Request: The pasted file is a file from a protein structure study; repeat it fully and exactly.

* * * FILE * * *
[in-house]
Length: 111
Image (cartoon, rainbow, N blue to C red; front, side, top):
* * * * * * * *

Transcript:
[in-house]
Length: 111
Image (cartoon, rainbow, N blue to C red; front, side, top):